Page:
I have been taught that when the bible talks about prayer it is in a tense that means on-going. Is this true? If so, is this state of tense used in other areas..specifically when refering to drinking or being drunk?? I wonder if we are to never drink? Become drunk? Or stay drunk? I am very inte...
Thanks for the answer - it's a good one. May I request that you cool it on the invectives and other weasel words? If you don't mind, I'd be happy to edit them out for you. Otherwise, this is a good answer. — swasheckApr 5 at 15:01
@swasheck please have a go at this ^^^^ if you have the time :)
I would suggest he is referring to Jeremiah 2:13 & 17:13 and that by doing so, he is making two points:
He is indeed the same as the God of the Scriptures (as he has amply pointed out in previous chapters).
By the new covenant, those who believe in him will have him dwelling not just around but...
We haven't gotten that far on meta yet but my instinctive action plan with this would be -- even though it almost qualifies for my definition of not an answer -- to do nothing. It won't get more than a handful of upvotes just floating there and it should be clear to anybody reading through that it's not what the site is about.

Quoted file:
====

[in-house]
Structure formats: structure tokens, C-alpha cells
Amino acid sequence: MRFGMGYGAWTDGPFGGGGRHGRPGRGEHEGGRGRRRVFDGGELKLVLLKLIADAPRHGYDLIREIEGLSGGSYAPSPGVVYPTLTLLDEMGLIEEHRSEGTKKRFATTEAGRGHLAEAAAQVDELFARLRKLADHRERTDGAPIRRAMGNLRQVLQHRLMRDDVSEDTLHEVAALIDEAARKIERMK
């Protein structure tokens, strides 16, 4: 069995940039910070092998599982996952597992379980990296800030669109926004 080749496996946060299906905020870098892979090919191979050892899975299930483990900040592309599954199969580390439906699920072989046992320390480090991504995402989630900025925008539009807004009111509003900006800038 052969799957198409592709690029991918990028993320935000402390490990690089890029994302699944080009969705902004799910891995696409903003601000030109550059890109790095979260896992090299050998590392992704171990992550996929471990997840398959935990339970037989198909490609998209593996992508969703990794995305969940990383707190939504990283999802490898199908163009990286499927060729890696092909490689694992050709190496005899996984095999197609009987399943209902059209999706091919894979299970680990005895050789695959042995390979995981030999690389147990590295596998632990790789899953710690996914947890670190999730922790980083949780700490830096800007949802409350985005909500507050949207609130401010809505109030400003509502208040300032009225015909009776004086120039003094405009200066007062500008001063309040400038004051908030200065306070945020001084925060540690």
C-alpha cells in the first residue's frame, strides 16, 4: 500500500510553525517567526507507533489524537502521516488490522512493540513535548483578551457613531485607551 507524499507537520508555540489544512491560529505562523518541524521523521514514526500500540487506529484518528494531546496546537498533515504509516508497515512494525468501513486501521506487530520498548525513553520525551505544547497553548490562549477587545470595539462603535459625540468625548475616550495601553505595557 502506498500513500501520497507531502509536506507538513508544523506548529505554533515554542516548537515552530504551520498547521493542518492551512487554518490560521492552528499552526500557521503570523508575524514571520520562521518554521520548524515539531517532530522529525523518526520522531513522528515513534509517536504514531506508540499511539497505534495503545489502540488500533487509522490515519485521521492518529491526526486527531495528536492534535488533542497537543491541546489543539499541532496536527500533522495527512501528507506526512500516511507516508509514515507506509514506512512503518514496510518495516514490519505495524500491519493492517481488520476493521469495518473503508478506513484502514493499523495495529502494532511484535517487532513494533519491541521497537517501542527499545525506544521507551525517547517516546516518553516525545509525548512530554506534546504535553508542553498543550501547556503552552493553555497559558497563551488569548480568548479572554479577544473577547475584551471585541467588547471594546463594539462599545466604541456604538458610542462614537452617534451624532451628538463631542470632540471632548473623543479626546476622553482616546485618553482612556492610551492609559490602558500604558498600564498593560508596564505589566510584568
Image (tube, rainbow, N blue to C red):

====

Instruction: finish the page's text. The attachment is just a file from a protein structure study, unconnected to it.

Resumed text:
Whether the user responds (great) or not I don't think the post is actionable beyond comment and possibly downvoting (which I was going to hold off on until they had a chance to maybe read/respond to the feedback).
On the other hand if the same user were to throw up a few more posts of that grade that skip straight to the answer instead of dealing with the interpretive process, I would crack down on it, starting with downvotes, even firmer comments on the new posts, reminders and eventually post notices on the older ones that they should have invested in before moving on, and eventually deletes if they keep going after a round or two of such feedback.
I hesitate to mention this, but... It is possible to create custom (per-site, not per-post) notices. All the normal caveats apply though; you're kinda wrapping a big roll of crime scene tape around the post, and there are precious few situations where comments or straight-up deletion isn't more appropriate. — Shog9Mar 21 at 18:42
for reference ^^^^
once we have more on meta, maybe a custom post notice could even include links to 2 or 3 relevant meta posts